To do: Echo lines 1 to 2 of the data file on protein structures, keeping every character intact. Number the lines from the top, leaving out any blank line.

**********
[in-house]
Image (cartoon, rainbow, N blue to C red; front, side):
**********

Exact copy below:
[in-house]
Image (cartoon, rainbow, N blue to C red; front, side):